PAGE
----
Dr Amanda Aloia

Research Fellow (SA High Throughput Screening Facility)

College of Medicine and Public Health

place Flinders Centre for Innovation in Cancer
GPO Box 2100, Adelaide 5001, South Australia

I completed my Honours degree in Nanotechnology (Biochemistry stream) at Flinders University while also working as a laboratory technician in the Department of Ophthalmology. My Honours and PhD research on the histamine and serotonin receptors was carried out in the laboratory of Prof. Edward J McMurchie at CSIRO in Adelaide and Parkville, in conjunction with Dr Ian Menz (Flinders). I also worked as research assistant in Prof. McMurchie’s laboratory before beginning my PhD.

Following my PhD, I worked with Dr Reinhard Grisshammer at the National Institutes of Health (NIH) on the neurotensin-1 receptor, before changing my research focus to virology: a field I was especially interested in. With Dr Alan Rein at the National Cancer Institute (NIH), I developed assays for the detection of replication-competent retroviruses in gene-therapy products and contributed to the rapid investigations into a novel proposed human pathogen, Xenotropic Murine Leukemia Virus (XMRV).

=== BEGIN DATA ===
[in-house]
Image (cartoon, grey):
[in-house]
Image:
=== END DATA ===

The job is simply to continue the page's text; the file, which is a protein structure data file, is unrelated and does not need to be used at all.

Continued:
I returned to Adelaide in 2012 to work on Hepatitis C Virus (HCV) with Assoc. Prof. Michael Beard, where I developed a novel HCV cell culture model and assessed the efficacy of direct-acting antivirals in collaboration with researchers from Merck Sharpe and Dohme. Returning to Flinders University in 2015, I worked with Dr Jill Carr on the inflammatory responses associated with Dengue Virus (DENV) infection.

I now manage the research facility, Cell Screen SA, within the Flinders Centre for Innovation in Cancer.


B.Sc. in Nanotechnology, Biochemistry (Honours), Flinders University, 2003

PhD in Biochemistry, Flinders University, 2008

Key responsibilities

Manager of Cell Screen SA (CeSSA), a research facility in the Flinders Centre for Innovation in Cancer. CeSSA has advanced, automated imaging and image analysis, plate reading and liquid handling equipment. We are equipped to conduct RNAi and small molecule library screening. CeSSA is the only facility of its type in South Australia. The facility works with researchers from a large variety of scientific fields and helps them to advance their work using the latest technologies.

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